‘Couldn’t play our best’: 33 praises Falcons but flags one major ESL concern

Following their loss to Falcons in ESL One Birmingham’s lower bracket quarterfinals, Team Liquid captain Neta “33” Shapira reflected on their tournament exit and overall performance, acknowledging that on the day, Falcons “were the better team,” but confessing he’s “pretty disappointed in ESL.”  

The ESL One Birmingham trophy sits to the front right of the image on stage. Behind, Team Liquid are competing
Team Liquid are left to look but not touch, with the trophy now out of their reach. Photo via Monster Energy

As a player, Neta is renowned for his mechanical and micro abilities. Translating these skills across in his role as captain is something he feels comfortable doing. “I just do what feels natural to me, and I don’t try to force myself to do things that I don’t feel come easy,” he explained. “Even though I’m captain, I don’t try to overstep and take responsibility away from other people. I don’t like to dictate the state of the game all on my own. It’s a game with five players, not one.” 

Despite Neta’s confidence in Team Liquid’s abilities, the elimination that followed at the hands of Team Falcons was a bitter disappointment for the players. Recognizing that they performed worse than they did against Heroic, 33 admitted, “nobody feels like we really played our best. It felt like the odds were stacked against us, but we do not make excuses. I guess we just feel a bit disappointed that we couldn’t play at maximum ability.”   

The team’s irritation stems from ESL’s venue and game management. “It was a very long day for us,” Neta explained. “Because the hotel is so far from the venue, we had to stay here all day. For the practice room, we didn’t have the best area to sit in and wait until our game.” 

Perhaps more concerning was the players’ lack of privacy, which Neta also referenced as a core reason for the team’s overall discomfort: “Falcons were in the room right next door to us, and we could hear each other talk. That was pretty frustrating. We couldn’t even talk about the games without being heard by our opponents.”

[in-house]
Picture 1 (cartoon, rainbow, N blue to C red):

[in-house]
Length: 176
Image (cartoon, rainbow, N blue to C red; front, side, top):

With Dota 2’s intense need for strategy and tactics, it is understandable why players felt let down by the arrangements made for them, particularly when they had to play multiple series in one day and spent upwards of 10 hours on-site. 

Neta hopes the experience of his team will guide ESL’s next tournament to ensure players aren’t affected the same way in the future. “I would suggest that the hotels and the venue are [moved] closer to each other,” which would be especially important to the team, as they need to unwind and recuperate before facing their next opponent. While he acknowledged that this is not always possible, he added, “there needs to be a nice resting area in the venue. Obviously, privacy is important too.”

He concluded with a note of respect towards ESL as tournament organizers, noting that he understood why these difficulties occurred. However, he hopes that his pointers are taken into consideration for the good of his team and the competition as a whole. 

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